Wadsworth said that "later down the road we'll have a better idea on the numbers."

Rowe said she has been second guessed in the past in an emergency situation, and noted she didn't want to second-guess state leaders in the crisis. She said leaders probably have information that the general public does not.

"I have been impressed with the state trying to get ahead of issues regarding the supply change on PPE and the hospitals in this state responding in the way they have in" potential situations, she said, adding that "everybody is doing the best they can do."

Rowe, the former police chief in Jasper, said she and Jasper Mayor David O'Mary has had conversations every two or three days about the situation in the city.

"I think most people in my district have been very cooperative and are taking it very, very seriously," she said. "I haven't talked to anyone who didn't believe this was a serious issue and that we needed to follow the recommendations of the Alabama Department of Public Health, and they are trying to do that."

Small businesses have called her, deeply concerned on their financial losses, some of which are shut down. She has been trying to guide small business owners to resources so they can apply through government for business loans and unemployment.

Rowe noted she has had conversations with Lt. Gov. Will Ainsworth, who has been critical of Gov. Kay Ivey and her task force overseeing the pandemic response. "I won't speculate on what I would do because that is not my job. I'm going to stay in my lane," she said. "But I do believe she has done a great deal of effort into it and she is surrounded by good people. I am duly impressed with (Dr. Scott Harris, the state health officer) and I would follow him in his advice. That would be paramount to me in my decision making. ... I think he's done an outstanding job. He just delivers bad news well. He's very logical, reasonable, and apolitical, which is rare."

Wadsworth noted that as for the budgets, legislators will need at least five or six days to get the budgets passed. "It has not even come to the House," he said, and may not have even come out of committee.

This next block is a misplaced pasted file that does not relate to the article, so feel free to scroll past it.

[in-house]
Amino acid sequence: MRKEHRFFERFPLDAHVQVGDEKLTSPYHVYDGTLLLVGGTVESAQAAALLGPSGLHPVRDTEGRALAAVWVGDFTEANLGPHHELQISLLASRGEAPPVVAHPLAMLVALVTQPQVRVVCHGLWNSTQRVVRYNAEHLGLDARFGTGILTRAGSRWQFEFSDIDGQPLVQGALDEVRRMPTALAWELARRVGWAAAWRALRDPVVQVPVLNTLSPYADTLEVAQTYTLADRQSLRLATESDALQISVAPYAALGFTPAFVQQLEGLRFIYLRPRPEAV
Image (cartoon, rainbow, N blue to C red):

In addition to waiting altogether for a special session, the Legislature could do a "bare bones" budgets during the Regular Session and come back with supplemental appropriations in a special session, he said.

Wadsworth noted earlier in the week Ivey had a conference call with legislators to update them on the virus situation. He heard the Alabama National Guard could be called out if needed.

He noted based on his understanding from the Governor's Office, the state has already transferred $300 million from the so-called Rainy Day Fund to the Education Trust Fund to make sure is has sufficient money to go forward.

He confirmed that State Finance Director Kelly Butler told legislators that all vendors are being paid. In the first six months of the fiscal year revenue, from October to March, has been good, but Butler anticipates a decline in revenues for the last half of the year. Butler did not anticipate calling for proration due to the first six months of performance.

Wadsworth feels the state is doing "what we've got to do." He said there has to be a balance in opening and closing businesses, noting different counties have different numbers of cases, from a few to many.

He said in looking for more ICU beds in the state, Pickens County's hospital recently closed and has available space for beds, as well as "a tremendous amount of empty hotels" in the state thanks to the coronavirus.

Wadsworth, who said Ivey has done a good job, said in his opinion, he doesn't think the state has hit the "top of the curve yet" with the virus. "I think we'll have more," but he said social distancing and hand washing is important.

He said testing "may be an issue on the east side of Winston County," although Lakeland Community Hospital has opened up an outside drive-through for testing. "I don't know if we are getting enough testing. He said there is also a need of swabs in some areas of the state, as well as the test kits. He also noted the Showa Gloves plant in Fayette has sold out all of its inventory and is manufacturing. "They are selling everything they get," he said.

As for sheltering, he said he doesn't know he necessarily agreed with Marion County's quarantine order over the weekend. "To a degree you have to let people make their own decisions on what to do," he said. "However, I think social distancing is important. People are learning to work at home. Many of the things you do are done by computer."

"The grocery stores in Arley are flourishing, because we have all these people who have gone to the lake to social distance," he said. "Honestly, it is kind of like summertime.